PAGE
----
PITTSBURGH -- Leaders of the world's most developed economies agreed late Friday to restrict runaway financial-sector executive pay, give emerging powers a bigger role in global institutions and create a new structure to promote global economic growth.
"In short, our financial system will be far different and more secure than the one that failed so dramatically last year," President Barack Obama said at the close of the Group of 20 summit.
The G-20 members launched what they termed a Framework for Strong, Sustainable and Balance Growth. This framework, sought by the Obama administration, requires member nations to develop a common gauge of sustainable economic growth and to assess their progress.
Summit participants agreed to give big developing economies such as China, India and Brazil a greater voting stake in the International Monetary Fund and World Bank — a rebalancing that reflects their growing stature on the global stage.
Most of the summit drama centered on executive compensation, with France pushing for strict caps in how much financial sector executives can be paid. The Obama administration successfully beat back that effort, and the G-20 leaders instead agreed on a series of steps to address excessive risk-taking by executives. These include deferring compensation and tying bonuses to performance over a longer timeline.
Although not a binding commitment, the framework for growth could create a face-saving structure for both the U.S. and China to address imbalances in consumption, trade and currency policies that have helped fuel a deep global economic downturn.
"Our new framework will allow each of us to assess each others policies," Obama said.
The meeting in Pittsburgh was the third this year by leaders of the U.S., European Union and other large economies. Here, the leaders decided to bury the old Group of Eight meeting of the world's most industrialized economies and replace it with G-20 meetings to reflect a changing world.
"It is a historic change, because the system we had is the system we came up with after World War II. Now we recognize the importance of the big emerging powers," said Uri Dadush, the director of economics programs at the Carnegie Institute for International Peace.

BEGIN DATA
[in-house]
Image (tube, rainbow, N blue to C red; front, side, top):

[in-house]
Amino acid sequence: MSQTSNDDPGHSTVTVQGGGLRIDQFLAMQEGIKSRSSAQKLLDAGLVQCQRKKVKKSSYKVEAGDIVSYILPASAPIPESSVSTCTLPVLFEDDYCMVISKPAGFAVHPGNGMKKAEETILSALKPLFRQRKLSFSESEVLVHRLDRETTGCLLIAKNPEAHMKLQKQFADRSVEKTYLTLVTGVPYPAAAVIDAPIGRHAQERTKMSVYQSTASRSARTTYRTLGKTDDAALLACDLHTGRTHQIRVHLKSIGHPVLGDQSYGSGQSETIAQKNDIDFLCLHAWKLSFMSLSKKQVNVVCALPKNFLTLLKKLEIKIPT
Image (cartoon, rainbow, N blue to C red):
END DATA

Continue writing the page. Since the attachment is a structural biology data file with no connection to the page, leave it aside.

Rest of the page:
The shift is significant because big emerging economies represent important seats at the bargaining table when negotiating everything from global trade accords to environmental policies.
"That means that the G-20 is going on to bigger, more-important issues and going beyond the financial crisis," Dadush, a former World Bank director of international trade, said in a phone interview from Geneva, Switzerland.
On the environmental front, G-20 leaders reached a general agreement on the elimination of fossil-fuel subsidies over the medium term. They agreed to develop implementation strategies and timetables, and report these back at next year's G-20 summit meetings, to be held in Canada and South Korea. Significantly, however, they failed to agree on how to wean poorer countries off fuel subsidies.
"Overall, the Pittsburgh G-20 summit represents a missed opportunity to move the ball forward on climate change," Alden Meyer, the director of policy at the Union of Concerned Scientists, said in a statement. "On the critical issue of funding for developing countries to deploy clean technologies, reduce deforestation and adapt to the impacts of global warming, the G-20 leaders didn't take the bold steps needed."
As Congress begins revamping regulation, the Pittsburgh summit amounted to a bullet dodged for the financial sector, because pay caps weren't adopted.
"The right way to regulate is to focus on the risk and pay-for-performance, connecting the employee's compensation with the long-term risk horizon," said Scott Talbott, the senior vice president of government affairs for the Financial Services Roundtable, which represents banks and other big financial players.
The new pay rules_ which are currently being drafted in the U.S., Britain and Europe_ address what industry officials, including Talbott, acknowledge was a severe shortcoming.
"The failure in the past was an overreliance on the short-term and not enough on the long term. Now that's changed," he said. "You've seen a number of companies fail because they didn't manage that risk properly."
G-20 members also agreed to:
(Talev reported from Pittsburgh, Hall from Washington. Renee Schoof contributed to this article from Washington.)
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